White, yellow, and chartreuse are great pike lure colors, probably because they resemble the belly of a struggling food fish.
- IN-LINE SPINNER In early spring, before weed growth becomes a factor, focus on covering water. The bigger spinners are a top choice here because the weight lets you cast them farther and the blades throw more flash. Retrieve the spinner steadily, just fast enough to keep it off the bottom. Think Rooster Tail, Mepp’s, and Blue Fox spinners in 1/6- to 1-ounce sizes.
- SPOON Start by steadily and slowly reeling, just fast enough to keep the spoon wobbling. If that doesn’t produce, try a “flutter retrieve,” accomplished by imparting a jigging motion as you reel. Spoons are particularly effective along drop offs because you can precisely control the depth. Try Dardevles, Little Cleos, Thomas Buoyants, and Johnson Silver Minnows weighing ¼ to 1 ounce.
- 3. MINNOW-IMITATING PLUG Begin with a steady retrieve. If that doesn’t work, try stop-and-start reeling. Early in the season, use a shallow runner. As waters warm up, go to a crank bait or a soft-plastic swimbait that runs in the 10-foot range. You’ve got plenty to choose from here: the Rapala Original or Shad Rap, Rebel Minnow, Rattlin’ Rogue, C.C. Shad, Bomber Model A, Mann’s 1-Minus, and the Storm Wild-Eye Swim Shad.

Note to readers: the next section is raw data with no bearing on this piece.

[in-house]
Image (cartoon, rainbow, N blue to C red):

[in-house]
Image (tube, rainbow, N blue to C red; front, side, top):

- 4. SPINNERBAIT Draw a spinnerbait past sprouting weeds and stop the retrieve for a three count just as the bait approaches a possible hideout. Add a twist-tail or rubber-worm trailer for action and color contrast. Models abound. If I had to use only one pike lure, it would be a white spinnerbait with a trailer. If the water is a tall off-color, try a bait with a chartreuse skirt.
- JIG & a MINNOW or WORM As the temperature in the shallows reaches 60 degrees, pike begin to set up shop along 6- to 10-foot drop offs. These are best fished with a jig in full, 2-to 3-foot hops. Pike often take the jig as it drops; the strike may feel like a nibble or a perch bite. It’s not. Use bucktail and marabou jigs in the ¼- to1-ounce range.
- 6. SURFACE PLUG In late spring, fish top-water lures over weed beds in the calm water of morning or late afternoon. Over the years the combination of a slim minnow shape and propeller fuss has been most productive for me. Tie on a large (4½- to 6-inch) Jitterbug, Heddon’s Crazy Crawler or Dying Flutter, Storm Chug Bug, Smithwick Devil’s Horse, Sputter buzz, or Zara Spook.
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